Time-honored mom wisdom: Take as many of the hospital undies as they’ll let you take. Ugly? Hell yes. But they’re also soft and stretchy and the only thing you’ll want to put on your body whether you’ve had a C-section or a V-birth. And while they’re designed to be disposable, they will survive a wash or two, so you can wear ‘em that much longer.
Tools for Dealing With General Unpleasantness
Do you like my delicate, Victorian way of referring to everything happening in your nethers? Simply put, in addition to the Colace or whatever the hospital gives you, I find Miralax to be an absolute must, as are Tucks pads. (Don’t flush them down the toilet, however — remember the fatberg!!!) (PS. When I dreamed of becoming a writer as a young girl, did I ever imagine myself writing about laxatives and inflamed bums and fatty sewer deposits? Reader, I did not. But motherhood changes us all.) Finally, while I haven’t tried it myself, I have one friend who swears by Always or Depends undies over any other sort of hygiene product post-birth (less leak-prone, comfier and altogether tidier, she says), and several other friends who lived and died by Dermoplast, the pain-relieving spray that helps moms cope with post V-birth discomfort. Why the hospital doesn’t hand this stuff out along with the Motrin, I do not know.
One new tip from my lactation consultant was how much a couple of drops of saline can help heal bruised, cracked, beat-up nipples. A few drops of saline followed by the application some breast milk — both allowed to dry in open air — helps heal the skin. The saline isn’t anything special, just your run-of-the-mill plain saline used for nose drops or whathaveyou. Again, the soft shells help with this, as you can put the saline/milk on, and then let your boobs “breathe” in the shells.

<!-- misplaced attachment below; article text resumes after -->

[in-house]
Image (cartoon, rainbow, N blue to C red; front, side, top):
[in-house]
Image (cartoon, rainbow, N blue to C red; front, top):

Excellent hand lotion
Good Lord, I forgot what damage all the hand-washing does to skin. Two favorite remedies of mine are Beauty Counter’s citrus mimosa hand lotion (not cheap, but zero harmful chemicals, super light, quick to soak in and only very lightly scented) and the heavier-duty CeraVe Baby, which I bought for the baby because it’s gentle (dermatologist-approved, paraben-free and whatnot) and long-lasting. I’ve found that the latter is also really effective on my own eczema-prone dry skin, and not at all sticky, oily or scented.
The Great British Baking Show and Outlander
Netflix to the rescue for late-night feedings. Here are two shows that complete the troika of “perfect breastfeeding binge-watching” requirements: 1) Perfect for solo watching (a.k.a. Husband would never watch either of these things) 2) Lots of soothing/sexy British/Scottish accents, depending on what you’re in the mood for 3) Very easy to follow narrative, even half-asleep at 2 a.m.